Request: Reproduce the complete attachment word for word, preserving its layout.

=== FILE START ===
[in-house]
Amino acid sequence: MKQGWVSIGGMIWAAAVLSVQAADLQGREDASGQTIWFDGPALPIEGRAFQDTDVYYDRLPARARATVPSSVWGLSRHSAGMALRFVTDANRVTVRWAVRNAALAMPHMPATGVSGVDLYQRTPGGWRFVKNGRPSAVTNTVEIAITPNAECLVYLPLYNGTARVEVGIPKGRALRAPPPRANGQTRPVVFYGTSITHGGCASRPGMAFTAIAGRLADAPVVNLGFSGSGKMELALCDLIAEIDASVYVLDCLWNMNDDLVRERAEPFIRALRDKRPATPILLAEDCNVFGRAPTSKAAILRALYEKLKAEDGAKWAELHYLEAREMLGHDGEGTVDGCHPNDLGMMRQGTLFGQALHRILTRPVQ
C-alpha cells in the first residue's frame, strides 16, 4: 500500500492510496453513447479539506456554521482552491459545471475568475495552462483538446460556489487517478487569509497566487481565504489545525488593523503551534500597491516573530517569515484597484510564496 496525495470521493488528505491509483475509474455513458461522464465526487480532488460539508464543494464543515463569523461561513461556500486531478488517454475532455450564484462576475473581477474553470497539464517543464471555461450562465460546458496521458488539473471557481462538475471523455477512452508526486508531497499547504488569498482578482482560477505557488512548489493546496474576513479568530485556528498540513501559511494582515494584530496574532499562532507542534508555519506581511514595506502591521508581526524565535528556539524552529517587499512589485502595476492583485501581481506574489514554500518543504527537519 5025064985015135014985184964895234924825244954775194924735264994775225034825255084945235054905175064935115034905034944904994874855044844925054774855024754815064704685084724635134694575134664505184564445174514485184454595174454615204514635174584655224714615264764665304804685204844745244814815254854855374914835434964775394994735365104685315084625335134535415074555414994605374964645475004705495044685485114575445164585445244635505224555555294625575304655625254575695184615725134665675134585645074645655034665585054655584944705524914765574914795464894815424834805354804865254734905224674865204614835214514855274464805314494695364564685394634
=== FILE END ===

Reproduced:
[in-house]
Amino acid sequence: MKQGWVSIGGMIWAAAVLSVQAADLQGREDASGQTIWFDGPALPIEGRAFQDTDVYYDRLPARARATVPSSVWGLSRHSAGMALRFVTDANRVTVRWAVRNAALAMPHMPATGVSGVDLYQRTPGGWRFVKNGRPSAVTNTVEIAITPNAECLVYLPLYNGTARVEVGIPKGRALRAPPPRANGQTRPVVFYGTSITHGGCASRPGMAFTAIAGRLADAPVVNLGFSGSGKMELALCDLIAEIDASVYVLDCLWNMNDDLVRERAEPFIRALRDKRPATPILLAEDCNVFGRAPTSKAAILRALYEKLKAEDGAKWAELHYLEAREMLGHDGEGTVDGCHPNDLGMMRQGTLFGQALHRILTRPVQ
C-alpha cells in the first residue's frame, strides 16, 4: 500500500492510496453513447479539506456554521482552491459545471475568475495552462483538446460556489487517478487569509497566487481565504489545525488593523503551534500597491516573530517569515484597484510564496 496525495470521493488528505491509483475509474455513458461522464465526487480532488460539508464543494464543515463569523461561513461556500486531478488517454475532455450564484462576475473581477474553470497539464517543464471555461450562465460546458496521458488539473471557481462538475471523455477512452508526486508531497499547504488569498482578482482560477505557488512548489493546496474576513479568530485556528498540513501559511494582515494584530496574532499562532507542534508555519506581511514595506502591521508581526524565535528556539524552529517587499512589485502595476492583485501581481506574489514554500518543504527537519 5025064985015135014985184964895234924825244954775194924735264994775225034825255084945235054905175064935115034905034944904994874855044844925054774855024754815064704685084724635134694575134664505184564445174514485184454595174454615204514635174584655224714615264764665304804685204844745244814815254854855374914835434964775394994735365104685315084625335134535415074555414994605374964645475004705495044685485114575445164585445244635505224555555294625575304655625254575695184615725134665675134585645074645655034665585054655584944705524914765574914795464894815424834805354804865254734905224674865204614835214514855274464805314494695364564685394634